Work Breakdown Structure

by on November 25, 2011 in Course Preparation, PMP®, Project Management

Work Breakdown Structure

While writing I am wondering how many people know about work breakdown structure or so called WBS. What is it? Why it is very important in project management? Let me explain you … WBS is known as work breakdown structure and it is a very important project management tool. It is a hierarchical sub-division of the work to be performed by the project team. WBS is a part of scope management in the planning stage just after collecting the entire requirement.

Generally after getting approved project charter a project manager prepares a list of activities to be performed in the project and this is a huge mistake because a list does not allow you to clearly break down the project into small pieces and it can be meaningless for your project.

What exactly is the WBS?

The WBS is a project management tool which breaks the project into smaller and more manageable pieces. It decomposes the deliverables/output into the small pieces called as work packages.

Sometimes we confuse that WBS is a PM tool which breaks the project deliverables into small pieces, it’s not like that exactly… WBS is a PM tool which breaks all the deliverables i.e., project scope, product scope, and project management efforts as a whole.

Point to be noted here is that work package should be designed in such a way that you can:

  • Estimate the cost for the created work package
  • Schedule the work package
  • Monitor and control the work package

 Unless and until you are unable to set a price and schedule the work package –  it is null and void really, you must break your processes into work packages and their must be a pricing and schedule fixed for that work package so that you can monitor and control the same effectively and correctly.

When to create the WBS?

 Ideally a project manager should create the WBS in planning stage after collecting all the requirements for that particular project. Please note that requirement here means not of the project requirements only but what stakeholders need from this project. Obviously, a project manager should align the stakeholders need with project objectives. This is a huge task for a modern day project manager. I can guarantee you – many of the project managers fails to do so effectively. That’s why you need to be a PMP certified!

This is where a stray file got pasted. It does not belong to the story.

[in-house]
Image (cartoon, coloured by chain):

Whom to involve in creating the WBS:

 As per PMI, in creating WBS, the below-mentioned people should involve ideally:

  • Project Manager
  • Project Management team
  • Project team
  • All the identified stakeholders

The involvement of stakeholders in creating WBS is very critical and useful too.

ITTO required in the WBS:

Generally we need input as project scope statement, requirement documentation, and OPA information for creating the standard WBS. The outputs are obviously finalized WBS, WBS dictionary, and the scope baselines. Scope baselines are then monitored, verified, and controlled throughout the life-cycle of the project by the assigned project manager. And the tool used to create WBS is decomposition.

What is WBS dictionary:

It is really very interesting to know what WBS dictionary is. It is the work/activities defined for each and every work packages in WBS. Isn’t  interesting? So, if any new member joins your project in mid-way, you can refer him/her this dictionary for knowing his/her role.

When WBS can be used:

  • If a new member joins your project you can refer to the WBS to see their roles.
  • When client or any stakeholders asks for a scope change in the mid-way of the projects, you can use this WBS to see if there is any impact on the six constraints.


Overall, WBS is a very important tool in modern day project management as per PMI. The interesting thing to note down on WBS is it can be re-used again and again for several projects if the nature of the projects demands the same nature of output. If the nature of the projects is different than the current one, then also it can be used with some nominal changes. Isn’t interesting? Very interesting indeed!!!

Note for PMP aspirants:

Please don’t confuse the WBS with Network Diagram … WBS is totally different than the Network Diagram as the later describes the sequence among the activities while former only describes what work to be performed in each and every work package without sequencing the activities.

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